Officials in the Southern Tier expressed disappointment over the ban on high volume hydraulic fracturing and the state Gaming Commission Sighting Board’s decision to turn down two proposals for licenses, one in the Binghamton area and another in Tioga County.
Speaking with Gannett reporter Jon Campbell, Senate Deputy Republican Leader Thomas Libous, R-Binghamton said the “disappointment looms very heavy.”
“This is devastating to our region, a region that has been struggling day in and day out,” he said. “And then to add on top of that the decision not to move forward with fracking this morning was another blow to the Southern Tier.”
Before the casino decision was announced, Governor Cuomo said it was a “legitimate question” to ask what the state can do to help jump start the Binghamton and Elmira economies, which have regularly trailed other areas of the state in job growth in recent years. Binghamton lost 300 jobs between October 2013 and October 2014, while Elmira added just 300, according to the state Department of Labor.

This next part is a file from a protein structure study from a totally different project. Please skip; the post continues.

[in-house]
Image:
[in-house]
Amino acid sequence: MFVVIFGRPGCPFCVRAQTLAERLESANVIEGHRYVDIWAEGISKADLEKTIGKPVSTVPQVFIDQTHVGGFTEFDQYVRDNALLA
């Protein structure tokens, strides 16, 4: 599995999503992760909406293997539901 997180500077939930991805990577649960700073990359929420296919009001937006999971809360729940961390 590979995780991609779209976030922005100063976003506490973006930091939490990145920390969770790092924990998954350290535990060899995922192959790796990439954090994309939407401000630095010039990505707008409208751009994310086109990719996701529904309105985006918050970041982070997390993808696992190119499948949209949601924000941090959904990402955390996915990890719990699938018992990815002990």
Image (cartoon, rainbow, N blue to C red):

Cuomo said the state’s challenge is to make sure that the region has the economic incentive to thrive, without fracking or a casino. He said supporters of fracking have often asked him the question: “If not this, then what?”
“They need jobs, and they need income, and what’s the alternative to fracking?” Cuomo told reporters. “And I think that’s a very good question, and I think it’s our responsibility to develop an alternative for that community for safe, clean economic development.”